- (Photo: Reuters/Eduardo Munoz)
The United States Senate may be considering a bill that would lift the Federal Emergency Management Agency's ban on providing aid to houses of worship.
Sponsored by Democratic Senator Kirsten Gillibrand of New York and Republican Senator Roy Blunt of Missouri, the bill was introduced last Thursday.
"A church, synagogue, mosque, temple, or other house of worship, and an otherwise eligible private nonprofit facility operated by a religious organization, shall be eligible for contributions under paragraph (1)(B), without regard to the religious character of the facility or the primary religious use of the facility," reads the Senate bill in part.
"…contributions under paragraph (1)(B) shall only be used to cover costs of purchasing or replacing, without limitation, the building structure, building enclosure components, building envelope, vertical and horizontal circulation, physical plant support spaces, electrical, plumbing, and mechanical systems (including heating, ventilation, air-conditioning, and fire and life safety systems), and related site improvements."
After being introduced, the Senate bill was referred to the Senate Committee on Homeland Security and Governmental Affairs.
Daniel Blomberg, legal counsel at the Becket Fund for Religious Liberty, told The Christian Post that he hopes the Senate bill passes and that FEMA stops discriminating against houses of worship for relief funds.
"FEMA has long been categorically banning houses of worship from competing for disaster relief funds on the same terms as other similar eligible nonprofits," said Blomberg.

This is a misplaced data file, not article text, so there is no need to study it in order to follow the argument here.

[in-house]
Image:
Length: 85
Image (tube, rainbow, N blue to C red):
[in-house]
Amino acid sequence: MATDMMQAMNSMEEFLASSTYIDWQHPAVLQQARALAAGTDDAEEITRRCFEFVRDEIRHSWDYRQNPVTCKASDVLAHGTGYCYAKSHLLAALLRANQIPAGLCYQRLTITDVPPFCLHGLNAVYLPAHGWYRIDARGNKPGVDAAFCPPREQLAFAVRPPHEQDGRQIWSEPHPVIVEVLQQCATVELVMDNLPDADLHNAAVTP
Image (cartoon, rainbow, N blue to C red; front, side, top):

"Discriminating against religious institutions simply because they are religious offends the Constitution, and the bipartisan efforts to correct FEMA's actions…simply seek to right that wrong."
In February, the United States House of Representatives voted overwhelmingly to have FEMA lift its ban on providing aid to houses of worship.
HR 592, known also as the "Federal Disaster Assistance Nonprofit Fairness Act", was sponsored by Republican Representative Christopher Smith of New Jersey and Democratic Representative Grace Meng of New York and passed in a vote of 354 yeas to 72 nays.
The effort to have FEMA lift its ban has garnered criticism from certain civil libertarian groups, including Americans United for Separation of Church and State.
Maggie Garrett, legislative director for Americans United, told The Christian Post that she considered the bill "constitutionally problematic."
"FEMA aid is currently limited to non-profits that offer 'government-like' services. The amount of public money available for disaster relief is not unlimited," said Garrett.
"It simply makes sense to direct those funds to the non-profits that provide public services. This is not in any way an example of discrimination against religion."
Garrett also told CP that there were many religious groups that sided with Americans United on this matter, including the Baptist Joint Committee for Religious Liberty, the Interfaith Alliance, and the Religious Action Center for Reform Judaism.
"They understand that church-state separation protects religion from government interference and favoritism toward certain faiths," said Garrett.
"The independence and integrity of religious institutions depends on maintaining a wholesome separation from the government."